Re: Reg: Quality of Service routing

Barry Dykes <barry@qwest.net> Mon, 21 December 1998 20:57 UTC

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To: MultiProtocol Label Switching <mpls@external.cisco.com>
cc: routing quality <qosr@newbridge.com>, Internet Protocol <ipng@sunroof.eng.sun.com>
From: Barry Dykes <barry@qwest.net>
Reply-To: barry@qwest.net
Subject: Re: Reg: Quality of Service routing
Date: Mon, 21 Dec 1998 10:20:02 -0700
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I think that some other factors occur here also.  Real delay problems 
aren't
in regards to bandwidth.  Lack of bandwidth causes excessive queuing.  
Queuing comes in different forms and sizes or depths.  Some 
applications
can be sensitive to deeper queues.  Many router and switch vendors have 
multiple queues for this reason.  Some have high priority queues with 
very shallow buckets.  QOS can allow a router/switch to "park" a packet 
in a shallow queue while waiting for it's turn at the outbound 
interface.  It really may not matter that the actual line is only 
running at 1/4 capacity.  But more how many packets are contending for 
that interface at the same time, and who should have priority to it.  
Such is the way of bursty traffic.  All packets will be delivered in 
this scenario, only some have minimum delay characteristics that must 
be met and therefore win in the first contention within the 
router/switch.

Barry

> Masilamany Raguparan wrote:
> > 
> > Raghu,
> > 
> > | Do we need QoS routing if we have enough infinite (I mean
> > | large ) bandwidth.
> > |
> > | >From my poor knowledge:
> > |
> > | We need QoS routing b'cos we have limited BW and we want
> > | to give priority to QoS flows. If some one comes with
> > | a Tx system which supports 100s Gb/s,(say 128 channel WDM system)
> > | Do we need to support the "special"  status for the QoS flows.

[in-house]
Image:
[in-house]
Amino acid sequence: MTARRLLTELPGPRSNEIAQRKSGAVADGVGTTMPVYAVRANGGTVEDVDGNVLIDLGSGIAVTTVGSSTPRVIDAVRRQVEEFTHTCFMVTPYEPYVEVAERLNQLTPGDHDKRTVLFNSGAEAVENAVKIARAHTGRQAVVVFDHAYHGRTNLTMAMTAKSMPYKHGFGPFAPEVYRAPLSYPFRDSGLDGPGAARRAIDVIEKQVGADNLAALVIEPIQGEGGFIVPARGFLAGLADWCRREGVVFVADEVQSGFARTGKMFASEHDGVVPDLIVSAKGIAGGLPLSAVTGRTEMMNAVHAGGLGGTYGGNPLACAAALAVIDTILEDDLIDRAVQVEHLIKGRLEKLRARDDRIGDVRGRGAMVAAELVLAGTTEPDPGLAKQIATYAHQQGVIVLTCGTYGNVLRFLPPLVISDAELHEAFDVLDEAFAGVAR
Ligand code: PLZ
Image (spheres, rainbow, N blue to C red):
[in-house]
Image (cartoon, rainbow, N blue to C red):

> > 
> > Nature of the traffic can be very bursty and suck up your 100s of Gb/s
> > bandwidth easily at any given time slot. Therefore, having just large bit
> > pipes does not solve the QoS problem.
> > 
> > Your delay = propagation time + queuing time + processing time equation
> > certainly works, if you have enough capacity left on the link at the time
> > of your request.
> >
> 
> Let me bring the economical and philosophical component into this
> discussion 
> that I tried not to touch so far but probably needs being spelled out:
> 
> 1. Any amount of bandwidth can be thrown at the problem. 100 Gb/s on
> transmission media
> 	and beyond are not a dream but as CPU, bus & memory technologies taught
> us, 
> 	matter of years at most. 
> 2. CPU problems, memory bandwidths, complicated lookups,
> per-flow-queining in ASICs and other 
> 	"traditional-router" problems that QMA brings up can be solved based on 
> 	the fact that "pigs with enough thrust fly
> 	just fine" (Ross) and made ATM such a hard sell. Thrust being here on
> one hand 
> 	IP being open and amazingly scalable (with hacks of course ;-)
> technology, 
> 	on the other hand the expected (and for some companies already real)
> significant
> 	revenues from networking and on the third hand progress in ASIC
> technology. 
> 3. Any amount of a free (or perceived as free) resource on this planet 
> 	has or is being depleted
> 	if it has any value. why is a question that has seemingly simple
> answers but can
> 	run very deep. I highly recommend http://pespmc1.vub.ac.be/Default.html 
> 	Therefore I believe that we'll always face congestion in today's model
> of the 
> 	Internet, no matter how much bandwidth you are willing to throw at the
> problem. 
> 
> Which leads to the core of what I try to say: QoS routing is just one
> possible mechanism
> how to provide certain guarantees about certain resources to the user.
> What the resources
> are and what other mechanisms could be used (network engineering or
> over-engineering, 
> shaping, CAC and others exist) depends on the pricing model which is
> basically a function 
> you try to optimize on. Since pricing in the Internet today is basically
> flat at 
> the end-user level, there is little or no incentive to provide
> guarantees and therefore 
> deploy something along the lines of QoS routing. Given a different
> pricing (and an according
> billing, that's of course the tough part ;-), different mechanisms could
> be 
> necessary and being deployed. The picture is particularly twisted IMHO
> since lots of things 
> you'd want to do are not necessarily
> what is possible (or being perceived as possible) from the technological
> perspective and 
> therefore widely different perceptions of what reality of data
> networking on the scale of 
> the planet should be clash in entertaining fireworks onto each other in
> recent years.
> 
> I hope that unifies or at least spells out lots of implicit assumptions
> that I sensed in 
> the different mails sent to this thread ...
> 
> 		thank you
> 
> 		--- tony